Résumé Finishing Touches

FOCUS: Your résumé should be focused on a specific career industry. Having a focused résumé allows your skills, which would be most beneficial in the position, to be highlighted.

CONTROL: Use a word-processing program rather than a template to maintain creative control over your résumé.

ORDER: If you choose to use an objective, profile, or summary of qualifications, they should be at the top. Following these, as a recent graduate, should be your education. The next sections should be those that are the strongest or most important.

MARGINS: Ensure that your résumé will print from a standard printer. Therefore, your margins should not be smaller than .5 on each side. The standard settings for a Word document are completely acceptable. Only change your margins to attempt to fit your résumé on fewer pages.

FONT: The size of font should stay between 10 and 12. Again, decrease to be able to fit your résumé in less space. Your name can be size 12-14 fonts with a different typeface so that it stands out on your résumé. You may choose the typeface for the rest of the document; just ensure that it is easy to read.

LENGTH: For most college students, a one page résumé is expected. However, if you have lots of related experience, you may spill into two pages. If you exceed one page, make sure you are including only relevant information on your résumé and the final page of your résumé should be at least half full. Make sure your subsequent pages have your name on them to make sure the employer keeps it all together.

OBJECTIVE: Including an objective is optional. However, it can identify the specific position in which you are interested to the employer. Objectives should always be stated in terms of how you will benefit the organization rather than what you hope to obtain from the experience. Objectives can serve useful at career fairs where internships and full-time employment are both offered so as to avoid confusion for the employer.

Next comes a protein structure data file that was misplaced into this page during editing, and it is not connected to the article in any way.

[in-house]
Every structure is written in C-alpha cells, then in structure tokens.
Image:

PROFILE/SUMMARY of QUALIFICATIONS: Used to capture an employer’s interest near the top of your résumé. Use this category to advertise your greatest strengths and promote the themes of each category [e.g. dedicated, quick learner, etc.]

GPA: If your overall/cumulative GPA is 3.0 or higher, you should include it on your résumé. If it is lower than 3.0 include your major GPA if it is higher than a 3.0.

SKILLS CATEGORIES: Highlight skills that are relevant to the position you are seeking. You can include computer proficiencies, fluency in languages, laboratory skills, coordinating, writing, marketing, communications, organizational, office, etc.

PHRASING: When describing work experiences, awards, or anytime you need a description, use short phrases that begin with action words. Your verb tense should stay consistent and avoid using the first person in describing experiences and accomplishments.

BASICS: When listing employer information, include name of the organization, position(s) held, city, state, and dates of employment.